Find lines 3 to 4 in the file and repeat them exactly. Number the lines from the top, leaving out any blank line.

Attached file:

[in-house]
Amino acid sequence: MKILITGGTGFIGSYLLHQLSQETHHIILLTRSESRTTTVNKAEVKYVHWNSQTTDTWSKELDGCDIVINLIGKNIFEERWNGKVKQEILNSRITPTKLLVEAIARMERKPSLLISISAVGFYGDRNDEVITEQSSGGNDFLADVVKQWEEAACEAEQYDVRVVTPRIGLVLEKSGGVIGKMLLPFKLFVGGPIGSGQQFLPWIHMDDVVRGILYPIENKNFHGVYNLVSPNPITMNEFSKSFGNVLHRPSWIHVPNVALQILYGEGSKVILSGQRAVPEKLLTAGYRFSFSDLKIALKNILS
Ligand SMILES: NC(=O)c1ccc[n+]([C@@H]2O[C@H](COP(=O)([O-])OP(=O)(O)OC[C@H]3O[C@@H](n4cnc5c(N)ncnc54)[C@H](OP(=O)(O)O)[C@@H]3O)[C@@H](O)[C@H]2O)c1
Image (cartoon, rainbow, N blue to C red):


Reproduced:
Ligand SMILES: NC(=O)c1ccc[n+]([C@@H]2O[C@H](COP(=O)([O-])OP(=O)(O)OC[C@H]3O[C@@H](n4cnc5c(N)ncnc54)[C@H](OP(=O)(O)O)[C@@H]3O)[C@@H](O)[C@H]2O)c1
Image (cartoon, rainbow, N blue to C red):